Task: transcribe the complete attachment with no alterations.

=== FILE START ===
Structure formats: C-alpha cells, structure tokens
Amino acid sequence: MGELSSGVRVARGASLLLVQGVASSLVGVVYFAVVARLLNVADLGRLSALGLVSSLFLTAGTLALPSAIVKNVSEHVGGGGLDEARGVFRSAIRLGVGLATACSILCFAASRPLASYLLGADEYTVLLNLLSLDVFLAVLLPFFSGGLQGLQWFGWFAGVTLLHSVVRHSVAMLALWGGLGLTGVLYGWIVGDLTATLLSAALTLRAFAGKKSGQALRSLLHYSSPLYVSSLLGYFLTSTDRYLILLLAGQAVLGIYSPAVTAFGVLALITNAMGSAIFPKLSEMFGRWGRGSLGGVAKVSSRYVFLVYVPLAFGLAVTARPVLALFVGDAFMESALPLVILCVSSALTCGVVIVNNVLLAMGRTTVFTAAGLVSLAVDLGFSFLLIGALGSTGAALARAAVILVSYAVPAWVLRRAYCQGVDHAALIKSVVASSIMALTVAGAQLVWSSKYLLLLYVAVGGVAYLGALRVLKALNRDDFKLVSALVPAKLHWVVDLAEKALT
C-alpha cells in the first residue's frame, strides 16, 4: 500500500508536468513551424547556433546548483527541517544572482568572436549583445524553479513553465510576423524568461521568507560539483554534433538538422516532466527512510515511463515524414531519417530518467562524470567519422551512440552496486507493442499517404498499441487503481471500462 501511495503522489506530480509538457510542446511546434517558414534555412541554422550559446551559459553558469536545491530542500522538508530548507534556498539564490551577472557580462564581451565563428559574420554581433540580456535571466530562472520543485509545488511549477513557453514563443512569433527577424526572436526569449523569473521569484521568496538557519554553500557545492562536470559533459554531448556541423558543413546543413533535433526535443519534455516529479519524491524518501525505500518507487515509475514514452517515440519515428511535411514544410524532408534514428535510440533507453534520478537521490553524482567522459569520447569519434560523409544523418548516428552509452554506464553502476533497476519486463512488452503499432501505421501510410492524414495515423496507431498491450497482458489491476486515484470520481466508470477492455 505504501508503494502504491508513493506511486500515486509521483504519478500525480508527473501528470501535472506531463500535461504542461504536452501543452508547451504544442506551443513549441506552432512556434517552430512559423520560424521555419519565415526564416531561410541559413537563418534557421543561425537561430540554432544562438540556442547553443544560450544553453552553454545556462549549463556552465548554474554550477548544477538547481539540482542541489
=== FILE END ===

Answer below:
Structure formats: C-alpha cells, structure tokens
Amino acid sequence: MGELSSGVRVARGASLLLVQGVASSLVGVVYFAVVARLLNVADLGRLSALGLVSSLFLTAGTLALPSAIVKNVSEHVGGGGLDEARGVFRSAIRLGVGLATACSILCFAASRPLASYLLGADEYTVLLNLLSLDVFLAVLLPFFSGGLQGLQWFGWFAGVTLLHSVVRHSVAMLALWGGLGLTGVLYGWIVGDLTATLLSAALTLRAFAGKKSGQALRSLLHYSSPLYVSSLLGYFLTSTDRYLILLLAGQAVLGIYSPAVTAFGVLALITNAMGSAIFPKLSEMFGRWGRGSLGGVAKVSSRYVFLVYVPLAFGLAVTARPVLALFVGDAFMESALPLVILCVSSALTCGVVIVNNVLLAMGRTTVFTAAGLVSLAVDLGFSFLLIGALGSTGAALARAAVILVSYAVPAWVLRRAYCQGVDHAALIKSVVASSIMALTVAGAQLVWSSKYLLLLYVAVGGVAYLGALRVLKALNRDDFKLVSALVPAKLHWVVDLAEKALT
C-alpha cells in the first residue's frame, strides 16, 4: 500500500508536468513551424547556433546548483527541517544572482568572436549583445524553479513553465510576423524568461521568507560539483554534433538538422516532466527512510515511463515524414531519417530518467562524470567519422551512440552496486507493442499517404498499441487503481471500462 501511495503522489506530480509538457510542446511546434517558414534555412541554422550559446551559459553558469536545491530542500522538508530548507534556498539564490551577472557580462564581451565563428559574420554581433540580456535571466530562472520543485509545488511549477513557453514563443512569433527577424526572436526569449523569473521569484521568496538557519554553500557545492562536470559533459554531448556541423558543413546543413533535433526535443519534455516529479519524491524518501525505500518507487515509475514514452517515440519515428511535411514544410524532408534514428535510440533507453534520478537521490553524482567522459569520447569519434560523409544523418548516428552509452554506464553502476533497476519486463512488452503499432501505421501510410492524414495515423496507431498491450497482458489491476486515484470520481466508470477492455 505504501508503494502504491508513493506511486500515486509521483504519478500525480508527473501528470501535472506531463500535461504542461504536452501543452508547451504544442506551443513549441506552432512556434517552430512559423520560424521555419519565415526564416531561410541559413537563418534557421543561425537561430540554432544562438540556442547553443544560450544553453552553454545556462549549463556552465548554474554550477548544477538547481539540482542541489